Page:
Edneyville was named for Reverend Samuel Edney, a Methodist minister, who served as postmaster and magistrate.

Etowah came from the Cherokee word itawa, possibly meaning city.

Flat Rock is built around a tremendous outcrop of granite which is said to have been the site of Cherokee gatherings. A great deal of rock has been blasted away and used for highway material.

Fletcher was named for the Fletcher family of which Dr. George Washington Fletcher was a prominent member.

Hendersonville was named after Judge Leonard Henderson.

Horse Shoe was named for a bend in the French Broad River on which the village is located.

Mills River was first called Mills Creek, named for William Mills, the first white settler in Henderson County.

Tuxedo was called Lakewood until it was renamed to avoid confusion with another Lakewood. Tuxedo was chosen because it was considered euphonious.

Zirconia was named for the zircon mines once operated there.

- Source: J.D. Lewis - Little River, SC 
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More Information


As of the census[2] of 2008, there were 102,367 people, 42,205 households, and 28,613 families residing in the county. The population density was 275.83 people per square mile (92/km²). There were 42,996 housing units at an average density of 115 per square mile (44/km²). The racial makeup of the county was 94.5% White, 3.3% Black or African American, 0.4% Native American, 0.8% Asian, and .9% from two or more races. 8.7% of the population were Hispanic or Latino of any race. The county contains a large but undefined illegal immigrant population, predominantly Mexican in origin, but also coming from other Latin American countries and also countries of the former Soviet Union and Eastern Europe. Undocumented immigrants living in Henderson County may number over 7000, but any estimates of this population are at best approximate. Interestingly, today Russian is the second-largest foreign language in use in Western North Carolina (primarily Asheville and vicinity), after Spanish.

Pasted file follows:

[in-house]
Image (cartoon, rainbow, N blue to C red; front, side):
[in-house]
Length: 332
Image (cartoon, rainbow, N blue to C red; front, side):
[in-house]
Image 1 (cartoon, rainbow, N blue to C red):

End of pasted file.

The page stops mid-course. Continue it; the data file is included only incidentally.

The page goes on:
There were 42,205 households out of which 25.6% had children under the age of 18 living with them, 54.1% were married couples living together, 9.9% had a female householder with no husband present, and 32.2% were non-families. 28.3% of all households were made up of individuals and 22% had someone living alone who was 65 years of age or older. The average household size was 2.33 and the average family size was 2.78.

In the county the population was spread out with 20.80% under the age of 18, 6.30% from 18 to 24, 25.9% from 25 to 44, 26.7% from 45 to 64, and 22.5% who were 65 years of age or older. The median age was 46 years. For every 100 females there were 93.80 males. For every 100 females age 18 and over, there were 90.50 males. Henderson County is characterized by its exceptionally large retiree population. Its demographics are comparable to some of the top retiree destinations in Florida, producing a pronounced deviation in favor of the 65 and older population in public policy and accommodation.

The median income for a household in the county was $43,013 and the median income for a family was $44,974. Males had a median income of $31,845 versus $23,978 for females. The per capita income for the county was $33,500. About 6.80% of families and 9.70% of the population were below the poverty line, including 14.50% of those under age 18 and 8.30% of those age 65 or over.

- Source: Wikipedia